Culled from the headlines of the media and technology trade press by Katz’s Strategy, Analytics, and Research Team, Content Matters provides a periodic snapshot of news and issues that affect the business of creating, producing, and distributing content across TV, radio, and digital media. Here are this issue's 5 THINGS TO KNOW.
2019 Q3 Issue #2
A dicey legal battle is shaping up for the propriety of local broadcast signals between the nation’s major broadcasters and The Sports Fans Coalition, an organization that bills itself as a non-profit. The big four broadcast networks have filed a Federal lawsuit in the Southern District of New York to stop their Locast service from doing an end-around in providing AT&T and Dish consumers “free” access to local broadcast station signals.
Operating as a commercial interest is what felled Aereo in 2014. Locast claims to be a non-profit service, yet its inclusion in AT&T’s DIRECTV service and U-Verse set-top boxes seem to belie that standing. Indeed, a service bankrolled by large corporations with a vested interest (particularly in light of the current blackout of CBS stations for AT&T customers) is hardly a textbook definition of a non-profit.
Particularly troubling to local stations should be that this consumer usage is not necessarily being captured for measurement as Locast allegedly removes the Nielsen watermarks from the broadcasts. So even if the same commercial load is being carried, there’s no credit for viewership, resulting in advertising revenue losses for the station.
Hijacking viewership for corporate gain – even in the guise of “servicing the consumer – will have long-term and wide-ranging consequences for the industry. At least one user review of the Locast service decries the “free” aspect of Locast. Without being a “contributing member”, broadcasts are interrupted after 15 minutes with a suggestion to sign up for a $5 per month membership fee. Once the interstitial is complete, the viewer is bounced back to the program guide – not the program they’d been watching. And without a DVR-like feature, what they’ve missed, they’ve missed. This sounds less like customer service as it does user extortion. At least some of the viewer frustration will stop unfairly at the broadcaster’s doorstep.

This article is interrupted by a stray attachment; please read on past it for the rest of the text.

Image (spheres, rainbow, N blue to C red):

There are some who may accept this on face value as simply another way to bolster consumer interest in local broadcast programming. In actuality, it’s co-opting intellectual property without credit to the owner. Adding a sub-par user experience is an added slap in the face to the local stations.
2 Looking Inward to Expand
Local broadcast television news has been the number one tool in the local marketer’s toolbox for quite some time. Advertisers know that on a local level, it’s as powerful as a sledgehammer in delivering a message to a tremendously loyal audience, while offering surgical precision geographically from the national perspective.
Yet we live in a media age where holding to the status quo could mean eventually becoming an afterthought.
So how do you “save” a longtime champion from extinction?
There’s a couple of guys up in Boston who could tell you without much thought. Reinvent your excellence. It’s worked pretty well for the Patriots. Why wouldn’t it work for broadcast?
Most stations have some sort of social strategy that helps to connect them to their viewers and for a two-way pipeline to breaking local news. Viewers are a great resource for content. Tapping into that is a reality that is pretty easy to jump into with both feet.